A number of little-known religious prohibitions are cemented in federal law when it comes to higher education and other faith-based entities gaining access to federal funding.

For example, regulations prohibit work-study financial aid for work that involves “the construction, operation or maintenance of any part of a facility used or to be used for religious worship or sectarian instruction.” And a popular grant program called Gear Up, which funds tutors, mentors and other outreach efforts for at-risk youths, prohibits state education departments from pairing with institution that are “pervasively sectarian.”

Advocates for religious education cheered the Trinity decision, which they said bolstered the constitutional case for allowing taxpayer funds to pay for vouchers to religious elementary and secondary schools. But few observers saw implications for higher education.

Now they do.

“We appreciate Secretary DeVos’ commitment to ensuring students are able to obtain quality educations at the institutions of higher education that will best serve their needs, including religious colleges and universities,” President Shirley V. Hoogstra of the Council for Christian Colleges & Universities said in a statement. “Eliminating or revising regulations that impose undue and outdated restrictions on religious institutions is an important and welcome development.”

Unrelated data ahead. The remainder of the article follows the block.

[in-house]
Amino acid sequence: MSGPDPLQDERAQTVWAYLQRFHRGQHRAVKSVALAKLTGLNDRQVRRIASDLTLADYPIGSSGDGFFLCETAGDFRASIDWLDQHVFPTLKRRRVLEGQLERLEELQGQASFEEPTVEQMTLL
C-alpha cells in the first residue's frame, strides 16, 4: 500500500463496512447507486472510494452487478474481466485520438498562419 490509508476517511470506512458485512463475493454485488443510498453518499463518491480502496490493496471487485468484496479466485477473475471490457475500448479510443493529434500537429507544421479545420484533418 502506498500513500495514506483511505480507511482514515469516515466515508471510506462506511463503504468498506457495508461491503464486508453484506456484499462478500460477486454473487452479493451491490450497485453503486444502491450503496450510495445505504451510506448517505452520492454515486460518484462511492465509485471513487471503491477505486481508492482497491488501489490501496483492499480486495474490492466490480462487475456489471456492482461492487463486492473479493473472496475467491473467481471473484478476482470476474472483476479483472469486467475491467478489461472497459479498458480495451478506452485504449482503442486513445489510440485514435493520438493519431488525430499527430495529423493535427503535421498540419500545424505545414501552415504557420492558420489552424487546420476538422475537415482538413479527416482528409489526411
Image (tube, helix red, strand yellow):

To the chagrin of Democrats and civil rights advocates, religious colleges and universities have made public their decisions to forgo federal funding, usually to be exempt from federal civil rights laws.

“It’s extremely disappointing to see Secretary DeVos doubling down on the Trump administration’s extreme anti-education agenda and is once again considering steps to roll back critical student protections,” Sen. Patty Murray, the ranking member on the Senate Education Committee, said in a statement.

Those passing up federal aid include Hillsdale College in Michigan, whose alumni include DeVos’ brother, Erik Prince, and which has benefited from large donations from the DeVos family. DeVos, who has repeatedly been questioned about her department’s commitment to defunding religious schools that discriminate, attended Christian schools all of her life and sent her own children to them.

In 2016, the Education Department published a database of colleges that received religious exemptions, particularly from rules prohibiting discrimination against gay, lesbian and transgender employees.

The DeVos administration had continued publishing the database, which lists 61 institutions that have requested exemptions, and has expanded it to include the correspondence between the department and the schools.

Advocates of a House Republican bill reauthorizing the Higher Education Act also say they hope to restore First Amendment rights that have been trampled under federal law. Under the House bill, called the Prosper Act, religious colleges would be able to bar same-sex relationships without fear of repercussions, and religious student groups could block people who do not share their faith from becoming members.